Home > News & Events > Key Learning #2: Manage project scope understand it, specify it, communicate it and pay attention to scope change and creep

Key Learning #2: Manage project scope understand it, specify it, communicate it and pay attention to scope change and creep

One of the earliest activities undertaken by a Project Manager is the confirmation of project scope. A clear identification and sign-off on project scope sets the boundaries and the path the project will follow.

Tuesday 3 March 2015


The scope guides planning and determines what's in and what's out.  Without this clarity requirements will continually change causing headaches for all concerned, confusion and a blow-out in scheduling and cost.

Many projects are hampered by stakeholders who want to be heard and ensure their needs are met (for whatever reason, be that genuinely wanting the project to succeed are otherwise).  Often this creates friction between project teams and stakeholders.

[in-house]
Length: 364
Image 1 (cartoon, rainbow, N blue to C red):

In my experience I have found that key stakeholders who are involved in defining the scope are more supportive and accepting of the project's direction and activities.  This also helps when negotiating with a stakeholder for the release of people to work on a project.

Scope creep can be a thorn in every Project Manager's side. In many respects this is unavoidable, particularly where projects go through a discovery phase.  As challenging as it is, that's the reality of project management and the only way to minimise scope creep is to make the effort early on to involve and consult.

I have also had the experience of working on projects which are well underway and still have no clear scope of work.  It's a little like getting into a boxing ring and your opponent is a Transformer which can morph into all sorts of fighting machines.  You really don't know what you've stepped into, you get smashed around the ring and hope the fight ends soon. Too often this results in wasted time and effort.

I appreciate that sometimes there is a drive to get projects happening and to be making progress, however time and money can be saved by ensuring clear and agreed scoping documentation exists before significant activity commences. 

If the right people are asked the right questions at the right time, then requirements can be clearly defined, communicated and understood by the project team and all concerned resulting in better planning, resourcing and baseline from which to work.

 


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